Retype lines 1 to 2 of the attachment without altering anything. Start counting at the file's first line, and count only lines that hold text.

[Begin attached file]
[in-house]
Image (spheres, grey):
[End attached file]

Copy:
[in-house]
Image (spheres, grey):